Reich, meanwhile, was also innovating and highlighting the strength of Magic’s other power cards. A capricious player who had plunged headlong into the game since his introduction by Garfield, he had become particularly attached to the card Sea Serpent. Whenever he cast it, he would launch a toy plastic snake on to the table hissing like the monster in question. It was this same sense of fun that led him to pursue various thought experiments in building his decks, which would elucidate some of the game’s subtle interactions. “I bet I could make an all-artifact deck,” he told Garfield, who was sceptical about the idea of making a functioning deck with only one class of cards, albeit one that can be cast with any colour or colourless mana. Reich leapt to the challenge and began trading in earnest to build his theoretical deck. Key to his strategy was a sub-set of the game’s artifact cards dubbed the ‘Moxes’ or ‘Moxen’. There are five original Moxen – one for each colour. Each is a zero-to-cast artifact, which can be tapped to add one mana of a specific colour to its controller’s mana pool. At first glance, that is the same function as a basic land. But as only one land can be played each turn, the fact that a Mox is an artifact becomes relevant — it can be played as well as a land ina single turn, and with a casting cost of zero nets its controller mana. Each Mox highlights the brilliant complexity of Garfield’s design – because each Magic card has its own unique functionality, the game can constantly break its own rules. If you play a Land and a Mox on your turn, you have essentially taken two turns in a row, advancing the development of your resources while your opponent twiddles his or her thumbs.  

Reich managed to amass seven of the 10 Moxes available to the group (one of each of the five colours, each being rare and thus printed twice), a handful of Sol Rings (which can be tapped for two colourless mana) and a variety of other artifact mana sources. “It was hard because people were beginning to be clued in about the strength of these cards,” says Reich. “But because I wasn’t limited by the rule that says you can only play one land per turn, I could dump stuff down really quickly. I had a Hive to make Bee tokens and a Hill that generated Ants and I just swarmed and overwhelmed people. The fact that it worked at all blew Richard away.”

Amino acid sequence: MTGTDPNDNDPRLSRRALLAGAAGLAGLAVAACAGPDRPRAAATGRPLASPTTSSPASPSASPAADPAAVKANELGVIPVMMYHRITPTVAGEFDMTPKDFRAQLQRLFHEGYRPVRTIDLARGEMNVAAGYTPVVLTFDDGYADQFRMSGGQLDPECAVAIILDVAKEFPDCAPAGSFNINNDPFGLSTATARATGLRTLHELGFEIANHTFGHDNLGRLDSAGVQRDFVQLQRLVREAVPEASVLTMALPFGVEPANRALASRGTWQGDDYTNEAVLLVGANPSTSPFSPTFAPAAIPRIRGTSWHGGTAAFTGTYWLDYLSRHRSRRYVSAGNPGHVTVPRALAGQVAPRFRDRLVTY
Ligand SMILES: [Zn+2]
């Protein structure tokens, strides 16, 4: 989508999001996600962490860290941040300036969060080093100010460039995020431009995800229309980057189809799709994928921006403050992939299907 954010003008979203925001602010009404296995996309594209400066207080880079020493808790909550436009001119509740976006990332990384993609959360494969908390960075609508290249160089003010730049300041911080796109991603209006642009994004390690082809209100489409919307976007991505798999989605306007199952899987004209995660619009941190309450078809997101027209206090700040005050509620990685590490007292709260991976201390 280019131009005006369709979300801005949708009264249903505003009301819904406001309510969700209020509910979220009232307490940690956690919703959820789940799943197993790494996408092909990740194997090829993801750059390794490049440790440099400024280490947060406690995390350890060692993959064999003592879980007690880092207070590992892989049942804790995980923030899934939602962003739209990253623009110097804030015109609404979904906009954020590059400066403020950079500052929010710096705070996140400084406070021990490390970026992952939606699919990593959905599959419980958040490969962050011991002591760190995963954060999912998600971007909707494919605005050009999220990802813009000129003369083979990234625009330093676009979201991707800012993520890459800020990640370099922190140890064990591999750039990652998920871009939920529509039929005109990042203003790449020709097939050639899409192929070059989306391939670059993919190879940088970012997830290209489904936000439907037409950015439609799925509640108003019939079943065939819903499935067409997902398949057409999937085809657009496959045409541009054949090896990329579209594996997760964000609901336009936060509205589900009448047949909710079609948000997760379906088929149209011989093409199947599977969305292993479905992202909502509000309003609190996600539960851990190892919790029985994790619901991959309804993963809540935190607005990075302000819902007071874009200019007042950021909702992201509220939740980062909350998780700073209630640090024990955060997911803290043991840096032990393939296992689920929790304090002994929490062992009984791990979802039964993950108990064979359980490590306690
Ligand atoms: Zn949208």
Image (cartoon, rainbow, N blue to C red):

Reich then used the Moxes he had amassed to make the group’s first fully functional five-colour deck, again using the artifact mana sources to break the one-land-a-turn rule. This allowed him to cast the biggest threats available in each of Magic’s colours. Reich’s strategy presaged some of the decks the wider public would build when Magic was released, as well as the value the game’s most powerful cards would accrue: “When I built these decks and used the Moxes to dump out mana sources so fast, everybody said, ‘Oh my god, these things are super-powerful!” he says. “The price skyrocketed and people tried to get them back from me. I might have traded one or two of them back, but only for exorbitant prices.”  

While Reich’s tinkering illustrated the inordinate strength of certain card combinations, the playtesters remained relaxed. As Chris Page remembers, the risk that anyone would amass as many power cards as Reich was considered tiny. “We were working off a different model before it came to market,” he says. “We thought that somebody might buy one deck [the game would initially be marketed in 60-card Starter Decks, alongside 15-card Booster Packs – the primary way cards are sold today]. Perhaps there might be a few extravagant people who might buy two Decks and a Booster Pack or two a year.” That meant the chances of any one player or group even discovering all the rare cards, let alone collecting them, would be slim. That was just the way Garfield wanted it: he hoped players would be blown away each time an opponent threw down a mysterious card they had never seen before. In fact, by the time Garfield had completed his thesis and taken up a teaching post in Walla Walla, Washington in the summer of 1992, he decided to play a similar trick on the playtesters. As he drew up the final list of all the cards that would see print (the Delta file which was never itself playtested), he kept the exact list of rare cards secret from all the testers. It would be as much a surprise for them as it would be for the Magic’s first real players. Garfield never could resist a little game.